Locally, the Centre City Development Corporation approved the Downtown Community Plan in 2006, which included a bonus program for projects in downtown San Diego. It allows these projects to be denser if they incorporated green features, such as eco-roofs.

Brad Richter, CCDC assistant vice president of current planning, wrote in an e-mail that eight projects have received entitlements under the program, but only two are under construction.

But in San Diego green roofs can be more complicated than in rain-saturated Northern cities.

For one thing, the benefits of green roofs have to be weighed against water scarcity. Residents are facing a possible mandatory water reduction this summer. That is why these roofs are often paired with devices to catch rainwater, which can be used to water the roof as well as surrounding vegetation. They often also are created using native or drought-tolerant plants.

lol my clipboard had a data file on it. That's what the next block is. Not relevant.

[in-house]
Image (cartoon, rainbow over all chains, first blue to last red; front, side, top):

And growing plants is challenging in 3 to 4 inches of growth media – soil can’t be used on green roofs because it creates silt which clogs drainage channels. Growth media is usually a lightweight mix of organic material with mineral additives. It can include peat, humus, wood chips, sand, lava or expanded clay.

When that is compounded by San Diego’s arid climate, many plants die. But through extensive knowledge of biology – and some simple trial and error – eco-roof installers have discovered plants that can survive these challenging conditions. Ones that are especially useful are in the sedum genus, which include about 600 species of succulent plants.

Both Rosalind Haselbeck, co-owner of Building Green Futures, and James Mumford, president of Good Earth Plant Company, design these sky-high gardens.